Becoming a physician consultant does not.

All physicians have to complete four years of college and four years of med school. Where your career goes from there depends on the area you choose to specialize in.

Medical residencies range from three to seven years. Some specialists, such as cardiologists, spend additional years in a fellowship for even more training.

And, as discussed earlier, having clinical experience is an essential part of becoming a consultant.

There is no set time requirement as to how many years you need to practice in order to become a consultant. However, the more experience you have, the easier becoming a consultant will be.

If you’re ready to work full-time as a consultant, you’ll need to decide if you want to work as an employee for a consulting firm or as an independent contractor.

To work independently, start reaching out to colleagues in your network to spread the word about your new venture. If you prefer a full-time position, simply start searching for consulting jobs online or search for a recruiter that has connections in the industry.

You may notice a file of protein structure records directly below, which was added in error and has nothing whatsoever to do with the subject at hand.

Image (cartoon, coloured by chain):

Some Physicians Consult on a Part-Time Basis

You don’t have to give up your entire practice or refrain from seeing patients altogether to become a consultant. In fact, some physicians do both.

Some physicians choose to work locum tenens in a hospital two or three days a week and spend the other two or three days a week working as a consultant. That offers a way to put your knowledge and experience into two very different aspects of the healthcare industry at the same time.

If you’ve been in practice for a while, it would be beneficial to bolster your CV by doing continuing education coursework.

Related: The Pros and Cons of Physician Locum Tenens


Ready to follow a new career path or to find a way to supplement your medical practice income?

Looking for a way to put your medical experience to use without having to see patients every day?

A physician consultant position may be the perfect opportunity for you.

For more information on insurance policies and retirement planning services for physician consultants, contact Physicians Thrive now.